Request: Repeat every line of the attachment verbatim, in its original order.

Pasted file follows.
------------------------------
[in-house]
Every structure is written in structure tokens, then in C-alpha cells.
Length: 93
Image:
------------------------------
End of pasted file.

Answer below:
[in-house]
Every structure is written in structure tokens, then in C-alpha cells.
Length: 93
Image: